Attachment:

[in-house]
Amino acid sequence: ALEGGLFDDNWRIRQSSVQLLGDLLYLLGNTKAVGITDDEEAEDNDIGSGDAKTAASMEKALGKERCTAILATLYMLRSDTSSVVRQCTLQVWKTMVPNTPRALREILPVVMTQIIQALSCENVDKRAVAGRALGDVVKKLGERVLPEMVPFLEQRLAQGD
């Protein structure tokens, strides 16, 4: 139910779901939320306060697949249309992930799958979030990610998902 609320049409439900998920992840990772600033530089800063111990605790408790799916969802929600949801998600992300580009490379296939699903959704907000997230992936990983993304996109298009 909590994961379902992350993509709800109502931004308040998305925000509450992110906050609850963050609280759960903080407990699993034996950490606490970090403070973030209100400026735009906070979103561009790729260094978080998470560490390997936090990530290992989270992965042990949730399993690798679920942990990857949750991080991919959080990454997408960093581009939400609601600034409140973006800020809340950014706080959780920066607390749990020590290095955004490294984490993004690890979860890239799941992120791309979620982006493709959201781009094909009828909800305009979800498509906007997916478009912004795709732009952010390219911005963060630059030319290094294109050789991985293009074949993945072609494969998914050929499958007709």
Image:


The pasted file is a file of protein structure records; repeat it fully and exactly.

[in-house]
Amino acid sequence: ALEGGLFDDNWRIRQSSVQLLGDLLYLLGNTKAVGITDDEEAEDNDIGSGDAKTAASMEKALGKERCTAILATLYMLRSDTSSVVRQCTLQVWKTMVPNTPRALREILPVVMTQIIQALSCENVDKRAVAGRALGDVVKKLGERVLPEMVPFLEQRLAQGD
């Protein structure tokens, strides 16, 4: 139910779901939320306060697949249309992930799958979030990610998902 609320049409439900998920992840990772600033530089800063111990605790408790799916969802929600949801998600992300580009490379296939699903959704907000997230992936990983993304996109298009 909590994961379902992350993509709800109502931004308040998305925000509450992110906050609850963050609280759960903080407990699993034996950490606490970090403070973030209100400026735009906070979103561009790729260094978080998470560490390997936090990530290992989270992965042990949730399993690798679920942990990857949750991080991919959080990454997408960093581009939400609601600034409140973006800020809340950014706080959780920066607390749990020590290095955004490294984490993004690890979860890239799941992120791309979620982006493709959201781009094909009828909800305009979800498509906007997916478009912004795709732009952010390219911005963060630059030319290094294109050789991985293009074949993945072609494969998914050929499958007709």
Image: